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Jan 19

A Tour of Stained Glass, Doors and Porches in Cape May, New Jersey

Posted on January 19, 2016 at 8:52 AM by Rachael Cox

Cape May, New Jersey, is home to hundreds of stained glass windows in unexpected places around town. Guests can admire beautiful and tastefully designed window art, especially nouveau pieces from the famous Louis Comfort Tiffany found in several houses. Guests are advised to swing by Our Lady Star of the Sea Catholic Church on Washington Street and First Presbyterian Church on Hughes and Decatur to admire the city’s most beautiful stained glass art. Both churches display windows that date back a hundred years and are still remarkably well preserved.


Take a walk through historic neighborhoods in Cape May to see stained glass art displayed from bed and breakfast inns, private homes and business establishments. Guests will notice the continuous theme of royal blue, ruby red and emerald green as traditional colors for the stained glass. Nearly all of the stained glass in Cape May is decades old (with a few reproductions).

After dark, guests can continue their strolls in the same neighborhood and marvel at the colorful lights reflecting from the glass, casting kaleidoscope-like shadows.


The famous sayings, “in the red” and “in the black” stems from several folktales told by locals in Cape May. One of the more popular stories explains that years ago, families had their doors painted red as a message that they had a mortgage on their house. Those with black doors owned their properties. But today, colors of doors in Cape May only represents the owner’s personal taste and decorating choices.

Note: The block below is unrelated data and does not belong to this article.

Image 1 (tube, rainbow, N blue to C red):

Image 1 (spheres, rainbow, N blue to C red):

Take a walk along historic Hughes street and study the string of unique entrances of Victorian homes, cottages and mansions. Most porches are outfitted with beautiful vintage furniture like rocking chairs and hammocks. Look for the Memucan Hughes house to see the most intricately and eye-catching detailed doors, frames, stained glass, woodwork and exterior.


Cape May is known for having vibrant houses in Victorian or craftsman style. Residents of the city are not shy of using bold colors when painting their homes. Guests may find porches painted sky blue or window frames dyed leafy green. During summers, colorful flowers compliment the exteriors of the seaside houses.


It’s important to check out or stay overnight at the famous and historic Chalfonte Hotel that is a block from the Atlantic Ocean. At the hotel, guests can enjoy its two-story wraparound porches loaded with rocking chairs, making it a perfect place to read or relax by the sea.


Visitors can further their learning experience of the architectural history of Cape May by attending East Lynne Theater’s “Tales of the Victorians,” where professional actors read short stories about Cape May and its contribution to the beauty of the city.